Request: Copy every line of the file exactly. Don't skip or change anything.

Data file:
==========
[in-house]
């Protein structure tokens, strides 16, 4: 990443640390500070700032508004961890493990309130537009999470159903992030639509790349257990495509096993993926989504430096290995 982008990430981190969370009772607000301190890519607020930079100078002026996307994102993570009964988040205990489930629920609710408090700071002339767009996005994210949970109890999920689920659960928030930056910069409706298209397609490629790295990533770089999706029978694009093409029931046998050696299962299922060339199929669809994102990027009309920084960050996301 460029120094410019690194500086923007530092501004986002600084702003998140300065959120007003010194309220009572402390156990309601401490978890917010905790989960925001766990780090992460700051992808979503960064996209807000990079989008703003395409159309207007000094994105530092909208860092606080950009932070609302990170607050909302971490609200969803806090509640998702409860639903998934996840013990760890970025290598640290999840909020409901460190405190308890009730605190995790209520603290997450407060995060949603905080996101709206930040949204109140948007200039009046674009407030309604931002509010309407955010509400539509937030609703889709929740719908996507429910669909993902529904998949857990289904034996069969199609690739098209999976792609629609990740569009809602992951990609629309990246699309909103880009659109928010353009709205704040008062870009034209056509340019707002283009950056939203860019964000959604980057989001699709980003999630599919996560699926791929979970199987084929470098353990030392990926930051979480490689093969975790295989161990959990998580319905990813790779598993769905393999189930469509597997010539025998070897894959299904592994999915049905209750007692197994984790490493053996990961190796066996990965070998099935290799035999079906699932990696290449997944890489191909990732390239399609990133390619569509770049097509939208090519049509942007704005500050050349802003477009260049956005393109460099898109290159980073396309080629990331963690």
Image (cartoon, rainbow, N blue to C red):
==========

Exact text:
[in-house]
């Protein structure tokens, strides 16, 4: 990443640390500070700032508004961890493990309130537009999470159903992030639509790349257990495509096993993926989504430096290995 982008990430981190969370009772607000301190890519607020930079100078002026996307994102993570009964988040205990489930629920609710408090700071002339767009996005994210949970109890999920689920659960928030930056910069409706298209397609490629790295990533770089999706029978694009093409029931046998050696299962299922060339199929669809994102990027009309920084960050996301 460029120094410019690194500086923007530092501004986002600084702003998140300065959120007003010194309220009572402390156990309601401490978890917010905790989960925001766990780090992460700051992808979503960064996209807000990079989008703003395409159309207007000094994105530092909208860092606080950009932070609302990170607050909302971490609200969803806090509640998702409860639903998934996840013990760890970025290598640290999840909020409901460190405190308890009730605190995790209520603290997450407060995060949603905080996101709206930040949204109140948007200039009046674009407030309604931002509010309407955010509400539509937030609703889709929740719908996507429910669909993902529904998949857990289904034996069969199609690739098209999976792609629609990740569009809602992951990609629309990246699309909103880009659109928010353009709205704040008062870009034209056509340019707002283009950056939203860019964000959604980057989001699709980003999630599919996560699926791929979970199987084929470098353990030392990926930051979480490689093969975790295989161990959990998580319905990813790779598993769905393999189930469509597997010539025998070897894959299904592994999915049905209750007692197994984790490493053996990961190796066996990965070998099935290799035999079906699932990696290449997944890489191909990732390239399609990133390619569509770049097509939208090519049509942007704005500050050349802003477009260049956005393109460099898109290159980073396309080629990331963690």
Image (cartoon, rainbow, N blue to C red):